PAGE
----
Lawyer offers women help

A Christchurch lawyer is offering his help to three young Blenheim women after a recording of their live sex show was shared on social media.

Barrister Steven Rollo said the women's privacy may have been breached after the recording was downloaded and shared on Facebook.

Whether or not the Blenheim women were initially willing participants was beside the point, he said.

"We all freely share a bit of ourselves with others everyday, such as partners and friends. There are always understandings as to what will then be shared further, implicit rules in a sense."

Whether the women's privacy had been breached would depend on what understanding there was when the video was made.

Publication of private images and information could shame and potentially destroy a person, he said. "All of a sudden that person is being objectified by someone who has effectively taken from them control of their own image and personal details."

Similar cases had been taken to court in the past, such as the publication of photos taken of a prostitute, Mr Rollo said.

The woman had consented to the photos being taken, but she never consented to further publication. The court held there was a breach of privacy.

The Blenheim women could have a good claim for breach of privacy, he said.

Wellington coordinator for the New Zealand Prostitutes Collective Calum Bennachie believed the women's privacy had been breached.

There was no suggestion the women were acting as prostitutes, but in lieu of a New Zealand pornography union, the Express went to the collective for comment.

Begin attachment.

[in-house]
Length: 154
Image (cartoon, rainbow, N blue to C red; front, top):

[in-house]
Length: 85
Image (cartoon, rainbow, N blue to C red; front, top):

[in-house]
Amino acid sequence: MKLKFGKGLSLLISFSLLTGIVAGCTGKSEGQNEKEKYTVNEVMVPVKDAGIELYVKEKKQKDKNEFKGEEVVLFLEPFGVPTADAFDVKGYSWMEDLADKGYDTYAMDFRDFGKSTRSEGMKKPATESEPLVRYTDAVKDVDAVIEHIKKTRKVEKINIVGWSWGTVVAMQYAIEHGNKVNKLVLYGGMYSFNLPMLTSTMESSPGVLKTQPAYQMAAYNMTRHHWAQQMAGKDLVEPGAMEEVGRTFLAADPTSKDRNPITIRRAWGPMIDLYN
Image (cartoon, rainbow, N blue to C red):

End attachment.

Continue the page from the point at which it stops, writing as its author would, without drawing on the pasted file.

Mr Bennachie said most webcam sex shows were pay-per-view. When the link to the video was downloaded and shared, the women lost out on money earned through royalties.

People using webcams to make money by performing sexual acts was not common in New Zealand, but those who did it usually used an overseas server to reach a bigger audience base.

Webcam performers usually signed an agreement with the server owner about the conditions of posting the video online. If that agreement was breached, the women could have a legal case.

Under the Prostitution Reform Act 2003 the women would not be considered sex workers if they performed to a website client.

"If you're not touching someone, you don't meet the definition of a sex worker," he said. "There's no client in the room."

However, the collective would still support anyone who was involved in the webcam pornography industry, he said.

Meanwhile, a Marlborough lawyer said it was unlikely the women had a strong legal case if they hadn't established their performance was for private use only.

Community Law Marlborough manager Raewyn Tretheway said if there was no agreement, the women had little chance of taking legal action.

"If it's consenting adults, who know there is a camera in the bedroom, there's not a lot you can do," she said.

"If they haven't signed anything to say it can't be redistributed, I don't think they have a leg to stand on."

Ms Tretheway hadn't heard of a similar case in New Zealand, but she wasn't surprised.

"This sort of thing is becoming more common, but after it came to the fore [on Tuesday], hopefully it warns people not to trust anyone if they're filming stuff," she said.

It was a very complex issue that had yet to be fully explored in New Zealand, she said.

"A lot of people are still quite naive of the consequences of their actions concerning social media," she said.

A spokesman for the Office of the Privacy Commissioner said it came down to what the women had agreed to before they began performing for the webcam.

If they felt there had been an interference with their privacy, they could make a complaint to the Privacy Commissioner.

"In legal terms, it is a bit tricky," he said. "Social media is the wild west."

The women might have been naive, he said. Anyone performing in front of a webcam should realise that it might be recorded.

The Marlborough Express